JoNova

A science presenter, writer, speaker & former TV host; author of The Skeptic's Handbook (over 200,000 copies distributed & available in 15 languages).


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Midweek Unthreaded

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Midweek Unthreaded, 9.0 out of 10 based on 13 ratings

111 comments to Midweek Unthreaded

  • #
    robert rosicka

    I’ll repeat this over from another thread but there’s a childcare centre in Melbourne that have done away with Santa this year and now have the Sustainability Pirate ! So the kids no longer get a toy they get a piece of organically grown Kale for (the festive season).

    81

  • #
    StephenP

    David Bellamy who was a very popular presenter of botany and science on the BBC has just died.
    He was dropped by the BBC like a hot potato for calling CAGW poppycock, but continued to encourage conservation through his website.
    (No wonder DA keeps to the party line.)
    The BBC reported his death last night, and did say then that he called AGW poppycock, but this morning it was reported that called global warming/climate change poppycock.
    It is a wonder they even mentioned his scepticism.

    170

  • #
    robert rosicka

    The friend of mine that recently had solar panels installed has just received his bill , due to changing retailers it was a two month bill but will go to monthly from now .
    The bill was for $127 credit .
    Living a hermits existence and using under 2kw per day pays off apparently, he just asked me about batteries and I said you’re joking aren’t you .

    80

    • #
      RickWill

      A credit note would be a more accurate term. His investment makes it harder for grid scale intermittents to produce and claim their LGCs.

      60

  • #

    Say, you know those ancient technology old clunker coal fired power plants that just cannot be relied upon to deliver reliable electrical power as they are always off line. There are 15 of them spread across the only three States still with coal fired power. All up there are 48 separate Unite with a total nameplate of 23000MW, and if you read the media, you’d be lucky if half of them are working, if that, they are just so unreliable.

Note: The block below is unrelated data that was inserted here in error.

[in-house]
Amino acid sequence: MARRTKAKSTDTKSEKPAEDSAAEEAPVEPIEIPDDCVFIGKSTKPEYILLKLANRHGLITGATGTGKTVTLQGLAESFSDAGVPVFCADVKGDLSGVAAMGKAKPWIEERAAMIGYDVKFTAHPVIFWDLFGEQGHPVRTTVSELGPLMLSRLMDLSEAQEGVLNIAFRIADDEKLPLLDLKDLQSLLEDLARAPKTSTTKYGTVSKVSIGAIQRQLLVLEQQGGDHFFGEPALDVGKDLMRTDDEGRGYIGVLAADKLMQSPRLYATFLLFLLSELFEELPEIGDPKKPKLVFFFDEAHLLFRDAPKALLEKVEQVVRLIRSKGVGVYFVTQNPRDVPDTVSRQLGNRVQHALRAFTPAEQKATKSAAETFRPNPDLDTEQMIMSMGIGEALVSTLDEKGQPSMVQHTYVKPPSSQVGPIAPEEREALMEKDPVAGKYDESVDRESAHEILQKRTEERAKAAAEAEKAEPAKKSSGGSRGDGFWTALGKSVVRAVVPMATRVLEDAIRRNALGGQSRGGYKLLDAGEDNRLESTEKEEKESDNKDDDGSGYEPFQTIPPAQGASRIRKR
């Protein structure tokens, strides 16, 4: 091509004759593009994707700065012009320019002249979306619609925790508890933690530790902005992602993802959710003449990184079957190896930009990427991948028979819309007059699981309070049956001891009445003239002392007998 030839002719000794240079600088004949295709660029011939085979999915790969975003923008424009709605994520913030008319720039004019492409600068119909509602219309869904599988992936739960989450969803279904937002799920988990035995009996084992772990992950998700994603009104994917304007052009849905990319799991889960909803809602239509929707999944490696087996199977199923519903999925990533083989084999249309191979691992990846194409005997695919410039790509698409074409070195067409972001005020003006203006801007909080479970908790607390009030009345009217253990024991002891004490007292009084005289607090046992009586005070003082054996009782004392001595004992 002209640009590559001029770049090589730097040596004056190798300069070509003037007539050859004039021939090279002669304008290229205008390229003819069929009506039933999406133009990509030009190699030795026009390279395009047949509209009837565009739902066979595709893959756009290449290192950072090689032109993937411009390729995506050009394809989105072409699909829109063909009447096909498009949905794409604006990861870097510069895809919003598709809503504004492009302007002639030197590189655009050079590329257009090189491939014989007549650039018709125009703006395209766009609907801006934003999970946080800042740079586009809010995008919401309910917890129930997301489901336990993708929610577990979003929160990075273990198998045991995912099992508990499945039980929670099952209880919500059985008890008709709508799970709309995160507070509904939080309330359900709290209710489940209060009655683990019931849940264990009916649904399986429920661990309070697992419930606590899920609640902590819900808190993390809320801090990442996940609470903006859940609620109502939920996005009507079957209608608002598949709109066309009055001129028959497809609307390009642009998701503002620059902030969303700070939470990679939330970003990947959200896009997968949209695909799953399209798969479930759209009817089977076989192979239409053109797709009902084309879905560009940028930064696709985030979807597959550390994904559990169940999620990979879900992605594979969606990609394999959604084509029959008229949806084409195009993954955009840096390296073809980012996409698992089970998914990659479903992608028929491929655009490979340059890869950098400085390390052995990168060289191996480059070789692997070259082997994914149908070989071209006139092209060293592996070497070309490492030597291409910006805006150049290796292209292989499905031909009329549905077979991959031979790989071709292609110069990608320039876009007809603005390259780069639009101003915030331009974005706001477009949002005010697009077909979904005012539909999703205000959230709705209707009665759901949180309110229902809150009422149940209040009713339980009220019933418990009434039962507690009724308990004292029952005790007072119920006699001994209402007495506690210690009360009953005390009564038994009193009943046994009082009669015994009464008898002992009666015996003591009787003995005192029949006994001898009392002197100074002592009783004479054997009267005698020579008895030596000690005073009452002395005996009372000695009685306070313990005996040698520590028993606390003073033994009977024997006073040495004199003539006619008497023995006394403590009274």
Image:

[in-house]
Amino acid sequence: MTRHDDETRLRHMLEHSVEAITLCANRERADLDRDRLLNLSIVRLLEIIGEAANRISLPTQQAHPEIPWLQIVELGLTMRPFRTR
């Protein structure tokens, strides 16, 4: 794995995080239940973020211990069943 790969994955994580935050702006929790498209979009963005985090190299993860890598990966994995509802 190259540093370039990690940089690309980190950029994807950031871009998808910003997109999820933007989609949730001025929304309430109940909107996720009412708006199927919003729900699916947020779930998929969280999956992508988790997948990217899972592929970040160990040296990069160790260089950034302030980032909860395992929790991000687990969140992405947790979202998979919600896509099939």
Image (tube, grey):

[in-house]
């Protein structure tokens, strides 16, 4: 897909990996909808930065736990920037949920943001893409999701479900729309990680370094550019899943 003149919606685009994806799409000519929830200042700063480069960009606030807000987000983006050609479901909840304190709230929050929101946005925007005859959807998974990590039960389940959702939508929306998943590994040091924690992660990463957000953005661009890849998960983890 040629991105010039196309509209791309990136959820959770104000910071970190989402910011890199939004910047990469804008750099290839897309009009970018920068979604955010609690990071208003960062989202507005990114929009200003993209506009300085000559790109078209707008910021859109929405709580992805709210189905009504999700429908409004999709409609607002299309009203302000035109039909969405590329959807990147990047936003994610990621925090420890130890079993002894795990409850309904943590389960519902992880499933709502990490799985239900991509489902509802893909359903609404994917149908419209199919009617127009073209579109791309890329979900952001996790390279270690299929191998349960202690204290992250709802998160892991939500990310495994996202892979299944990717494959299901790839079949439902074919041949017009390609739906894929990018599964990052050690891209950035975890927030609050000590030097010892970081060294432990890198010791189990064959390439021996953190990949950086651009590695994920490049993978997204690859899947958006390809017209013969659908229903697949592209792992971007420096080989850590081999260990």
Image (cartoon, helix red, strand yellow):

In the Spring just gone, they closed those Units down on a rotational basis to do maintenance on them (as they always do in the Spring and Autumn) so they are ready for the big power consuming days of Summer, and at one stage during the Spring, there were 14 of those Units off line, you know because they are useless and unreliable.

    So, now that Summer is upon again these ancient and useless coal fired Units are showing their unreliability, as expected by green urgers and their media reporters.

    Of the 48 Units at those 15 plants in three States, only five of them are off line, one in NSW, and two each in Vic and Qld. Five Units, and that takes out 2180MW.

    Last night 6.30PM. Rooftop solar and solar power plants all gone to bed, and wind power below average.

    Coal fired power was delivering 18400MW from those remaining 43 Units, and that was at a Capacity Factor of 89%. Coal fired power at that time was delivering 73% of all the power being consumed.

    At that same time wind power was delivering around 2200MW so, it was about the average of 30% Capacity Factor, so of the 3500 separate Units (the individual wind towers themselves) 2350 of those Units were stationary, off line, stopped, delivering zero power.

    Now, you tell me which is the power source that cannot be relied upon.

    Tony.

    (Please insert open and close sarcasm where you think it fits)

    190

    • #
      william x

      Good point Tony, see #7 if you want to see change

      20

    • #
      John of Cloverdale, WA, Australia

      I see coal is doing the heavy lifting in WA, Victoria, NSW and Queensland at the moment, as a High-Pressure weather system rolls over the continent. It will be a disaster if we didn’t have those coal-fired power stations.

      70

  • #
    David-of-Cooyal-in-Oz

    Evening all,
    About 3 weeks ago I sent a letter off to The Land (NSW’s weekly agricultural newspaper) and, having given up hope when it didn’t appear last week, I was given a very pleasant surprise when I found it in today’s edition. It had been changed, mainly to update the references to dates.
    And I was particularly pleased that the words ” constantly re-charging fire bombs ” remained untouched.
    The letter, as published, follows: (Preview shows that The Land’s paragraph indentation has got lost..)

    It was great to read in a recent edition several articles describing the role of high fuel levels in the intensity and rate of spread of bushfires (The Land November 21, pages 5 & 6).
    This contrasts markedly with an editorial in November 23 edition of the Sydney Morning Herald where neither fuel loads nor National Parks were mentioned.
    It said: “The pall of smoke obscuring Sydney is a grim reminder that the impact of climate change is pervasive and all-too real.